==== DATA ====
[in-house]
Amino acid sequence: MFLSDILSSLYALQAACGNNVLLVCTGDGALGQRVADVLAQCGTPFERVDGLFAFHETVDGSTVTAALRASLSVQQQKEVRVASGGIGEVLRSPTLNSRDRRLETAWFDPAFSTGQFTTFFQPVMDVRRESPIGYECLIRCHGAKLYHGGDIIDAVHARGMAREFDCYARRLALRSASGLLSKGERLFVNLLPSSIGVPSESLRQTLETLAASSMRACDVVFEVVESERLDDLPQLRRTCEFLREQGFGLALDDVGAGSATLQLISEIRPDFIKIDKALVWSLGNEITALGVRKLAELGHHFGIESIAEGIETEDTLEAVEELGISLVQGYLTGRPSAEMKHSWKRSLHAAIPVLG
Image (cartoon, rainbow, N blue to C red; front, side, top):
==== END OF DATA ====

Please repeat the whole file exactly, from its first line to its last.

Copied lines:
[in-house]
Amino acid sequence: MFLSDILSSLYALQAACGNNVLLVCTGDGALGQRVADVLAQCGTPFERVDGLFAFHETVDGSTVTAALRASLSVQQQKEVRVASGGIGEVLRSPTLNSRDRRLETAWFDPAFSTGQFTTFFQPVMDVRRESPIGYECLIRCHGAKLYHGGDIIDAVHARGMAREFDCYARRLALRSASGLLSKGERLFVNLLPSSIGVPSESLRQTLETLAASSMRACDVVFEVVESERLDDLPQLRRTCEFLREQGFGLALDDVGAGSATLQLISEIRPDFIKIDKALVWSLGNEITALGVRKLAELGHHFGIESIAEGIETEDTLEAVEELGISLVQGYLTGRPSAEMKHSWKRSLHAAIPVLG
Image (cartoon, rainbow, N blue to C red; front, side, top):